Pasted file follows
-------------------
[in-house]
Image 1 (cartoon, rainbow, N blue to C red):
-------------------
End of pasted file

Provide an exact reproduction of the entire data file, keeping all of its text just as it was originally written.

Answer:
[in-house]
Image 1 (cartoon, rainbow, N blue to C red):